Risk Adjustments for Individuals and Groups

Submitted by jonpearce on Sun, 2011-05-15 22:36

A new report was recently released by CMS that measures the accuracy of the risk adjustment models that CMS utilizes for Medicare Advantage plans, the Physician Group Practice demonstration and others, and is expected to be used for Accountable Care Organizations (ACOs). This report provides some interesting insights into the effectiveness of risk adjusters. It is entitled “Evaluation of the DMS-HCC Risk Adjustment Model” and can be downloaded from here: http://www.hccblog.com/wp-content/uploads/2011/05/Evaluation_Risk_Adj_Model_2011.pdf
The report describes the history of the Medicare risk adjustment process and the evolution of the various risk measurement models. It describes the adjustment calculation process itself and gives examples of those calculations. It also describes the inclusion of frailty adjusters and the adjustments that are made for institutionalized members.
The primary objective of the report is to show the accuracy of the prediction of future costs based on the hierarchal condition categories (HCC) scores of groups of patients. Two metrics are discussed for showing prediction accuracy – the “prediction ratio” and the “R2” factor. The prediction ratio applies to groups of patients and is the ratio of the aggregate predicted cost to the aggregate actual cost. A perfect model would result in a prediction ratio of 1; a ratio greater than 1 would indicate that the aggregate predicted cost exceeded the aggregate actual cost for the group. By contrast, the R2 factor indicates the correlation between the predicted and actual costs for individual members.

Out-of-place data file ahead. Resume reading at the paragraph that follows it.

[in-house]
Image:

These factors don’t necessarily correlate to each other – a model can have a prediction ration that’s close to 1 while having a low R2 value; in fact those results were found frequently by the researchers. This distinction is important since it’s tempting to attempt to predict individual costs from risk scores, and questioning the overall accuracy of the prediction model when those scores end up being inaccurate. The researchers discuss this issue early in the article (page 5) and explain the reasons that risk adjusters, while not accurate for prediction of costs of individuals, are nonetheless accurate for groups.
This may initially be counterintuitive. Why would the sum of inaccurate measurements lead to an accurate total? Well, consider the task of predicting the cost of heart attacks in a population. While a heart attack can’t be predicted for a specific individual (at least from the data available to CMS), historical data might show that one of every 200 people with hyperlipidemia will have a heart attack in a given year. (That factor is hypothetical – it may be wildly inaccurate.) The HCC grouper software would therefore include 5% of the cost of a heart attack into the cost of every hyperlipidemic. This would cause the individual member’s cost to be inaccurate, yet the total would now include the correct predicted cost.